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5 P’s of SaaS

by Chad West
in , on Mar 22, 2017

In 2014, IDC estimated that more than one-quarter of enterprise applications would be offered via SaaS model by 2018, up from one-sixth in 2013.  According to Transparency Market Research, the overall SaaS market will reach $164.29 billion by 2022.  Many software companies today are in the midst of entering the attractive, yet very different business model.  When planning for the investment, there are some critical aspects software companies must consider that are easy to overlook.

 

Many of the executives that I work with cite the factors outside the SaaS’s technology as being just as important, if not more important, to the success of a SaaS launch.  A good place to start is to look at what I call the 5 P’s of SaaS.

1. Product

Determining what features will be included in the SaaS offering can be a painstaking task, but very important to the success of the offering.  Typically, software companies that are adding SaaS are looking to move down market to small and medium-sized businesses that don’t require a long sales cycle.  These market needs are more basic and users can sign up for the service with minimal cost of sales.

 

Determining what the SaaS “does” should be calculated by interviewing your current customers, getting input from consultants and reviewing competitors.  A customer advisory board (CAB) can be formed to formalize the process of gathering their needs and thoughts on new product features.  The use of SaaS consultants can also be leveraged for 3rd party input on what should and can be built can help a lot.  Consultants can also provide insight as to what future technologies will exist that may influence your industry and your SaaS.  Both customers and consultants can also provide insight as to what competitors are offering, at a high level.  It can be hard to get exact details because competitors’ inventions are proprietary, but understanding the basic competitive landscape will help craft your offering and differentiating value to the market.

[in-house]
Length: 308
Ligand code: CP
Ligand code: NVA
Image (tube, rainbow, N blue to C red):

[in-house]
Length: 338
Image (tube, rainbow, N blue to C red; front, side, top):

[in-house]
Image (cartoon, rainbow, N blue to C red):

2. Pricing

Pricing is hard because of all the inputs that go into formulating it.  To start, understanding your customers and your competition can go a long way to determine the price.

 

When looking at your customers to determine price, ask yourself what value you’re providing to them.  Or, what’s the value of the value your SaaS provides?  You can simply ask your customers this question.  You should also ask your customers what they’d value in a SaaS more.  Is it number of named users, amount of storage, functionality or other?  This will help determine what exactly you’re basing the pricing on…and how much you’re charging.

 

Another major input is competition.  It’s important to understand who you’d be considered alongside and how your functionality and price stacks against them.  One should, again, leverage their customers for this.  Another tactic might be to simply sign up for a competitor’s solutions that’s readily available.  Understand your customer’s options.

 

The reality is that you’ll need to experiment with the reoccurring SaaS pricing.  Gather the data on new customers gained per time period and their average total lifespan as a customer and then refine the pricing.

 

3. Partners

If you have channel partners and/or resellers, you’ll want to rollout a comprehensive communication plan on how they can react to the changes to their revenue cycles and offerings.

 

Channel partners are an important component to increasing the lifetime value (LTV) of your SaaS customers.  Your customers will need the expertise of local partners to maximize their investment.   That investment, of course, is spread out incrementally each month instead of a large 1 – 3 year contract, as typically before.  The change in the way your partners are paid will be of concern to them, but explaining the recurring model to them and it’s benefits should ease some anxiety about the change.

 

Partners should be encouraged to shift their services from initial implementation packages to more strategic, more comprehensive customer success services.  They can become trusted advisors in approaching the cloud in general.  They can be of assistance in explaining to customers the benefits using your SaaS offering’s premium features, which is the best way to mitigate churn and grow recurring revenue for both your company and your partner.